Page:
corporate-funded campaigning group based in the United Kingdom set up in
2001. It originally had offices around the world in the USA, Chile and
India. By 2003 all of the offices had closed down apart from the London
one. The great bulk of the IPN's income is donations from corporations; in
both 2003 and 2004 the proportion was about 85%. The UK branch
subsequently disbanded in June 2011 with former chairman Linda Whetstone
leaving the group (See:

Program 20 deals with WIPO¹s external relations, partnerships and external
offices i.e. the opening of WIPO external offices.  It proposes the
opening up of five more external offices during the period 2014-15 in
China, Russia and the US as well as two offices in Africa. However, there
is no consensus on the number and guidelines for opening of new external
offices.  Since the informal consultation process started during the
meeting of the Program and Budget Committee failed to reach a solution, an
Ambassador level meeting was convened last night (1 October) to resolve
the deadlock. However this meeting failed to arrive at a consensus on the
issue.  The second meeting of ambassadors is started at 12 noon today (2
October) to resolve the issue.

There are diverging views on this issue.  One set of countries is asking
for a set of guidelines for the selection of countries for the opening up
of external offices to then make the selection of countries, instead of
going ahead with the five countries listed in the budget document. Another
set of countries is accepting the five countries listed in the document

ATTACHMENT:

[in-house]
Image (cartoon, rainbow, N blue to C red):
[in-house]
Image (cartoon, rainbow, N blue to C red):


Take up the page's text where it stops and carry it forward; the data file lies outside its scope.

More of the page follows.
but demanding a decision on the guidelines to resolve the future requests.
A third set of countries is asking for the opening up of external offices
in their countries.

Meanwhile, the coordination committee met yesterday and approved the
Memorandum of Understanding signed by WIPO with China and Russia to open
external offices in those countries.

A document circulated on 1 October contains general guiding principles and
implementation for the establishment of a small, efficient, strategically
located and geographically representative network of external offices.
The guiding principles are: transparency of the procedure on setting up of
WIPO external offices, rationale for establishing new external offices and
their purpose, financial suitability/budget neutrality, geographic
aspects/locational aspects, external office¹s accountability.

There is no consensus on these proposed general guiding principles. The
transparency of the procedures on setting up WIPO external offices
contains a bracketed text as well as an alternative proposal from the
Republic of Iran.  Similarly, there is also an alternative proposal from
Group B on the rationale for establishing the new external offices.

The same 1 October document also contains the decision with regard to the
establishment of external offices in the 2014-15 biennium.

There is also no agreement with regard to the implementation of the
guiding principles. The document contains three proposals on this. The
first proposal is from the Vice-Chair, which reads ³It was decided to
immediately apply the general guiding principles to all proposed,
existing, and future EOs (External Offices) to the extent applicable,
provided that relevant decisions taken by the General Assemblies in the
past and including the present one on the matter of EOs will remain in
force. It is understood that, in particular, paragraphs (a) 3 and 4 as
well as paragraphs (b) to (e) apply to all EOs².

The proposal by the African Group, China and Russian Federation states
that ³The implementation of the above principles does not have a
retroactive impact on the five offices proposed by the Secretariat for the
establishment in the 2014 /2015 biennium, as well as those agreed upon
during the Assemblies 2013².